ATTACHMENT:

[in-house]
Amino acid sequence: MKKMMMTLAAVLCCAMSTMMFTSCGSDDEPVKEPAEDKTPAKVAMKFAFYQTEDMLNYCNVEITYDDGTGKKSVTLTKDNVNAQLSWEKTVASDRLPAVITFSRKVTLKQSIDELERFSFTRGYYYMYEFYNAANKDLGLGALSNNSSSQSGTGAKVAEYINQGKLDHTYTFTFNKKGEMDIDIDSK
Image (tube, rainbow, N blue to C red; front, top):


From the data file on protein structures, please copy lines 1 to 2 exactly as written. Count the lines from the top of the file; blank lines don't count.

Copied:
[in-house]
Amino acid sequence: MKKMMMTLAAVLCCAMSTMMFTSCGSDDEPVKEPAEDKTPAKVAMKFAFYQTEDMLNYCNVEITYDDGTGKKSVTLTKDNVNAQLSWEKTVASDRLPAVITFSRKVTLKQSIDELERFSFTRGYYYMYEFYNAANKDLGLGALSNNSSSQSGTGAKVAEYINQGKLDHTYTFTFNKKGEMDIDIDSK